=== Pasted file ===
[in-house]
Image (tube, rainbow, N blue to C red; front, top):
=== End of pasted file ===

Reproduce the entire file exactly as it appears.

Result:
[in-house]
Image (tube, rainbow, N blue to C red; front, top):